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Marginal Arts Spreads Its Wings In Fifth Year

Visitors take in performance art during a previous festival.

by Gene Marrano

Slightly offbeat, eclectic and designed to be fun, the Marginal Arts Festival returns for a fifth year on February 16-21, at venues in downtown Roanoke and elsewhere. This year’s festival, which was originated by art teacher Brian Counihan and others at Community High School, will explore a different area of the valley each day and “focus on the cultural offerings to be found in and around that location,” according to a mission statement on the festival’s website,

There’s the parade with assorted motley types on Saturday, February 18 at noon, of course, always a highlight, but there is also art exhibition openings at the Eleanor D. Wilson Museum on the Hollins University campus (Feb. 16), more art at the Olin Galley (Feb. 19) located at Roanoke College, and a festival-ending day of events in Grandin Village on Tuesday, February 21.

“We want to make sure that people understand that art is not just found in the museums and galleries downtown – art and performances belong everywhere the people are,” said Mim Young, who is handling publicity for the festival and overseeing the events in Grandin Village on the 21st.  There are some who won’t venture out of their suburban cocoons to come downtown for an art experience notes Young. No worries: “we’re going to come to where their cocoons are.”

The Marginal Arts Festival chicken is the event’s mascot of sorts.

There are even exhibitions at Ferrum College that are tied in to Marginal Arts this year. The Festival in part “is about pushing people beyond their comfort level,” said Young. Happenings slated for Grandin Village on February 21 include a spoken word event at Too Many Books, the dedication of a mural on an outside wall at CUPS coffeehouse and the first showing of a film, “Wanderlust,” at the Grandin Theatre.

Some have said that the Marginal Arts Festival, which tries to encompass as many local artists of different stripes as it can, should have been the “real” Roanoke Arts Festival, that ill-fated attempt to create a mini-Spoleto Festival in the fall. Despite kick starting the Roanoke event with some funding from City Council and a full time director, the Roanoke Arts Festival lacked focus, failed to identify the audience it sought and ultimately ground to a halt after several years.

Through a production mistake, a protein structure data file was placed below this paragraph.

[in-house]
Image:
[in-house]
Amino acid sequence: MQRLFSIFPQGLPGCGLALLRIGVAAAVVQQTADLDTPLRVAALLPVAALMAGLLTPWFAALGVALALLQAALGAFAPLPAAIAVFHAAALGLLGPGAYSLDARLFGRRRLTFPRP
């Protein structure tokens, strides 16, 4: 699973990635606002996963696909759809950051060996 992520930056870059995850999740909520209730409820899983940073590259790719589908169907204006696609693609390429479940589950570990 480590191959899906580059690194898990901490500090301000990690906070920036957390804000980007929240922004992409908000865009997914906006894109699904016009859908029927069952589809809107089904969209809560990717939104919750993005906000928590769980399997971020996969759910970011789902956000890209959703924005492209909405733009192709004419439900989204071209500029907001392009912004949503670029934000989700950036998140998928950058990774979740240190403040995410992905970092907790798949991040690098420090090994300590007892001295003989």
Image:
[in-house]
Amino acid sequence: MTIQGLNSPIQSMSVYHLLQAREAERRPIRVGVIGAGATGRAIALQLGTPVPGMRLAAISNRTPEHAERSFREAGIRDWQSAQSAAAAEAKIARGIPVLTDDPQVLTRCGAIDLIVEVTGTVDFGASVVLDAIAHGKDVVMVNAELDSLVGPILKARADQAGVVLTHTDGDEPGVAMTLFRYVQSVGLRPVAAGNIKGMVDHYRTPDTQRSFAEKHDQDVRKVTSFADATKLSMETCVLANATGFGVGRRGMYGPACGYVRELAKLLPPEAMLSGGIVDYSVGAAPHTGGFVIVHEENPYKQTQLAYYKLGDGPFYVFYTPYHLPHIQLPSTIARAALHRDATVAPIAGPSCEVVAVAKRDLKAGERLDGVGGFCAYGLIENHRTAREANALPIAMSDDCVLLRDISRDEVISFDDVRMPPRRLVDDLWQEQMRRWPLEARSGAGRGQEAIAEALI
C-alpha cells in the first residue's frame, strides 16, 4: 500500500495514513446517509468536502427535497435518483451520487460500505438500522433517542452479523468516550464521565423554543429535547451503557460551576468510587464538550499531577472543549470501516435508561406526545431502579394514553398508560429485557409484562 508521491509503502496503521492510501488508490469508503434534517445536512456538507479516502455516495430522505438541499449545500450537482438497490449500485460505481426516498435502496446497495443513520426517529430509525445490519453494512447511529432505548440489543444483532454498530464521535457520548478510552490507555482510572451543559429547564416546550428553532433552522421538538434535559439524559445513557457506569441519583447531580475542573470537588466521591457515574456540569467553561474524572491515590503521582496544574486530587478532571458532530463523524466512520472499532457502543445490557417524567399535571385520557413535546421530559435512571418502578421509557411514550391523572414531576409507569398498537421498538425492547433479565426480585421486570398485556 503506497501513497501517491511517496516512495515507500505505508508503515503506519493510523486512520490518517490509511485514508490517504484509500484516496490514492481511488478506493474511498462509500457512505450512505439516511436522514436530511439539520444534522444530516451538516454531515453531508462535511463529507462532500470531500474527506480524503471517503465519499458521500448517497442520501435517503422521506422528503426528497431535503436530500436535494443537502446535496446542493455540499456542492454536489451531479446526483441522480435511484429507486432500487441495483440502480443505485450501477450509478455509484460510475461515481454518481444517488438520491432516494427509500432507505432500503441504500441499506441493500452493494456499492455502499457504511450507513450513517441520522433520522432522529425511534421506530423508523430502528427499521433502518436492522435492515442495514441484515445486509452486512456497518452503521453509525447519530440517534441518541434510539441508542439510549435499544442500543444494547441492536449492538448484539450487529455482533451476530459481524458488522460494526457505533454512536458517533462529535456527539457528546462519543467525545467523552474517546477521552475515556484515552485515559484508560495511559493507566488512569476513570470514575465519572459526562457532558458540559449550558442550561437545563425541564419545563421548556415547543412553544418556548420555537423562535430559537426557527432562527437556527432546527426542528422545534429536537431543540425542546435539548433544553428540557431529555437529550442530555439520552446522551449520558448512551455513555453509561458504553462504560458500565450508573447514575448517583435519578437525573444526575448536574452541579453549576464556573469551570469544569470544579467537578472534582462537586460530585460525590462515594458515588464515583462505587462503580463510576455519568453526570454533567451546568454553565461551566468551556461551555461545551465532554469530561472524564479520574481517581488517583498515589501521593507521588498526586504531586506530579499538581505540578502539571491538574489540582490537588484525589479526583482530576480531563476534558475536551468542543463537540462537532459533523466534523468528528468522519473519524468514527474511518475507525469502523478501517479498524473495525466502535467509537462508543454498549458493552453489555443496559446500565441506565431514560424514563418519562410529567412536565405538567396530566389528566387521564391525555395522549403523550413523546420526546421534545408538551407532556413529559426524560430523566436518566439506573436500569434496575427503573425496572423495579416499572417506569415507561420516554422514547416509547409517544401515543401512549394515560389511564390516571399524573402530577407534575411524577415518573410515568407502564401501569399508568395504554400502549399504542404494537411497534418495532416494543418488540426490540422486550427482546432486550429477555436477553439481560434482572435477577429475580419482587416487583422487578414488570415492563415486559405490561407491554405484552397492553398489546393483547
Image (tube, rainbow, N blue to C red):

Marginal Arts is much lower key and is staffed by volunteers. This year different people will take the lead for each day of the festival, pulling together the participating artists and support assistance needed. For an event that started off with several hundred attendees and activities based largely at Community High School in its former downtown location (the school now occupies the lower floor at the Big Lick Junction building on Campbell Avenue SE) its has grown to the point that last year 3-4000 showed up for Marginal Arts, according to Counihan.

“I think its still a good idea for the city to put on a festival,” said Counihan, who is also an adjunct curator at the Taubman Museum (there are Marginal events taking place there on the 18th.) “What we’re trying to do is identify the artists and creative people that don’t have an avenue in the city [to exhibit], to give them a chance to show what they can do.”

That’s where the marginal came from – looking for those artists on “the peripheries,” according to Counihan.  “They [often] have great ideas and are not normally able to go through a network or hierarchy before they are to get a chance to express what they can do.”

On the 18th, following the parade from Community High School’s home on Campbell Avenue at noon (all are welcome to take part) there is an absurdist carnival near the Taubman. At 3pm Community High School presents “The Frogs,” an ancient play written by Aristophanes.

Counihan bills it as a dialogue about place and identity. “We wanted to start with neighborhoods [taking part] that could pull it off. We were looking for …communities that were ready to go this year.” One of those communities is Old Southwest for example. On Monday. Feb. 20th The Water Heater will hold a coffee house discussion from 2-5pm on the arts.

That same day there is a Sweded Film Festival of homemade movies at the Shadowbox and something called “The World’s Longest Lover’s Telephone,” in Old Southwest. True to its name, Counihan hopes that some of Roanoke’s more marginalized communities will take part in future festivals.

The marginal arts or fringe festival concept is not new and is international; Counihan points to a similar event in Venice, Italy. See for a complete schedule of events for Roanoke’s own Marginal Arts Festival, which takes February 16-21. “Its not just about artists, but everyone who needs art to express who they are,” said Counihan.

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